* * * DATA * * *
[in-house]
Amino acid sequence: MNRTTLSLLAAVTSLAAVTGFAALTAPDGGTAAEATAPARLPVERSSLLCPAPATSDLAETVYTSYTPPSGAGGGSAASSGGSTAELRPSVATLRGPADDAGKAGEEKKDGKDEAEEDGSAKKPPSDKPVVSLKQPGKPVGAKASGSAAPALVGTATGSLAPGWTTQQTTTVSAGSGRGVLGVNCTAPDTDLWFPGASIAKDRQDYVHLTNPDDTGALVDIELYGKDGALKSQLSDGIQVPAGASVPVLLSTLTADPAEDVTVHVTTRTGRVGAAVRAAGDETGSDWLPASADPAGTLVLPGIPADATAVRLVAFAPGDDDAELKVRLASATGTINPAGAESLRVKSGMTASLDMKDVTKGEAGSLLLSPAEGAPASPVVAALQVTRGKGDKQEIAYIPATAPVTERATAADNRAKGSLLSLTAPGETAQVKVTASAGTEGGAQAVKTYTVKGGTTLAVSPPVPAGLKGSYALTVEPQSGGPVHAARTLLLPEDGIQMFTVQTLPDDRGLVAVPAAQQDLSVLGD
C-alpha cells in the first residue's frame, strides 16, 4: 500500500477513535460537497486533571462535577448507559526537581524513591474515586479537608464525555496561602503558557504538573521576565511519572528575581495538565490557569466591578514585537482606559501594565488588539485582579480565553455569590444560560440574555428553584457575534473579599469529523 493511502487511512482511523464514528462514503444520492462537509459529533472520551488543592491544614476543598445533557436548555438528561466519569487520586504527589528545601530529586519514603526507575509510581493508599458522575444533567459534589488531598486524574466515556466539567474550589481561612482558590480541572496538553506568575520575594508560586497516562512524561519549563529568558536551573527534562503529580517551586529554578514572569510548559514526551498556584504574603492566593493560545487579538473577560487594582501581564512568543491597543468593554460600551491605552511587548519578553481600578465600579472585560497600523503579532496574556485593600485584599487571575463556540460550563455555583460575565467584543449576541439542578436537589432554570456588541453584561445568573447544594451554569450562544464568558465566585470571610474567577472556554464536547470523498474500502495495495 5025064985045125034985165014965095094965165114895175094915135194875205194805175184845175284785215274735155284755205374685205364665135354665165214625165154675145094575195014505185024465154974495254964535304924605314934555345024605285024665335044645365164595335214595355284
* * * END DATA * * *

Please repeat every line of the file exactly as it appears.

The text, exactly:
[in-house]
Amino acid sequence: MNRTTLSLLAAVTSLAAVTGFAALTAPDGGTAAEATAPARLPVERSSLLCPAPATSDLAETVYTSYTPPSGAGGGSAASSGGSTAELRPSVATLRGPADDAGKAGEEKKDGKDEAEEDGSAKKPPSDKPVVSLKQPGKPVGAKASGSAAPALVGTATGSLAPGWTTQQTTTVSAGSGRGVLGVNCTAPDTDLWFPGASIAKDRQDYVHLTNPDDTGALVDIELYGKDGALKSQLSDGIQVPAGASVPVLLSTLTADPAEDVTVHVTTRTGRVGAAVRAAGDETGSDWLPASADPAGTLVLPGIPADATAVRLVAFAPGDDDAELKVRLASATGTINPAGAESLRVKSGMTASLDMKDVTKGEAGSLLLSPAEGAPASPVVAALQVTRGKGDKQEIAYIPATAPVTERATAADNRAKGSLLSLTAPGETAQVKVTASAGTEGGAQAVKTYTVKGGTTLAVSPPVPAGLKGSYALTVEPQSGGPVHAARTLLLPEDGIQMFTVQTLPDDRGLVAVPAAQQDLSVLGD
C-alpha cells in the first residue's frame, strides 16, 4: 500500500477513535460537497486533571462535577448507559526537581524513591474515586479537608464525555496561602503558557504538573521576565511519572528575581495538565490557569466591578514585537482606559501594565488588539485582579480565553455569590444560560440574555428553584457575534473579599469529523 493511502487511512482511523464514528462514503444520492462537509459529533472520551488543592491544614476543598445533557436548555438528561466519569487520586504527589528545601530529586519514603526507575509510581493508599458522575444533567459534589488531598486524574466515556466539567474550589481561612482558590480541572496538553506568575520575594508560586497516562512524561519549563529568558536551573527534562503529580517551586529554578514572569510548559514526551498556584504574603492566593493560545487579538473577560487594582501581564512568543491597543468593554460600551491605552511587548519578553481600578465600579472585560497600523503579532496574556485593600485584599487571575463556540460550563455555583460575565467584543449576541439542578436537589432554570456588541453584561445568573447544594451554569450562544464568558465566585470571610474567577472556554464536547470523498474500502495495495 5025064985045125034985165014965095094965165114895175094915135194875205194805175184845175284785215274735155284755205374685205364665135354665165214625165154675145094575195014505185024465154974495254964535304924605314934555345024605285024665335044645365164595335214595355284